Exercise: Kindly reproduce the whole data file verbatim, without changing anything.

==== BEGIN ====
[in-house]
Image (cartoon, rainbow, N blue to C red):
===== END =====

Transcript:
[in-house]
Image (cartoon, rainbow, N blue to C red):